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Abstract Cityscape Art


An abstract cityscape is a representation of an urban environment, created without being a representation of a particular objective reality. The word "cityscape" in art refers to an artwork which is about the physical aspects of an urban area or a city. The word "abstract" means something that is not a representation of an objective reality.

In early art from Roman times, and through the middle ages, birds-eye views of cities were depicted, often as backgrounds for more common artistic themes of those times. From around the middle of the 17th century, Dutch painters developed the cityscape as an independent genre of art. Artists from other parts of Europe followed this example, most famous being Canaletto in Venice.

Later the impressionists often painted cityscapes, but during the early 20th century, the portrayal of cityscapes became less common while the new genre of abstract art became important. Later in the 20th century the cityscape became more popular again, influenced by the changes in the art world up to this time.

Current cityscape painters include Antonio López García (who has America hyperreal influences), Rackstraw Downes, and Richard Estes (his paintings include "telephone booths"). The artist Yvonne Jacquette from America specializes in cityscapes with an aerial view. A London born artist Stephen Wiltshire, is famous for his panoramic cityscape artworks created from memory, after a short overhead view of the city. Brian Whelan, also from London paints semi-abstract cityscapes where the perspectives and special relationships are distorted.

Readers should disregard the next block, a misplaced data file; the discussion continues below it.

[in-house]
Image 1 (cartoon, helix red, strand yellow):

While a cityscape can never be fully abstract, as it is a representation of a city, even if an imaginary one, cityscape paintings can certainly be divorced from a representation of any particular city, and thus more abstract than objective in nature.

The degree of abstraction used in an abstract cityscape can vary greatly, from the impressionists focus on light and movement, all the way to almost entirely abstract pieces which bear only a slight resemblance to a visual or conceptual element of a city.

As well as the physical reality of a city and its component parts, the concepts a city evokes can also be used in the creation of abstract or semi-abstract artworks. Different people will experience a city in different ways, for example a city which might feel safe and welcoming to one person, might feel dangerous and intimidating to another. Different parts of the same city can evoke very different concepts, and the more general concepts of urbanization and city life can also be sources for artistic inspiration.

Techniques used for such artworks can also vary hugely, from painterly use of oils to computer generated images, drawings to collage, and a great many other combinations and styles. The artworks can vary from brightly colored to black and white, geometric to textural and organic forms.

A quick search on the internet reveals a fascinating variety of abstract cityscape images, from almost objective views, to conceptual pieces, and everything in between. New York is overall the most common influence on abstract cityscapes.
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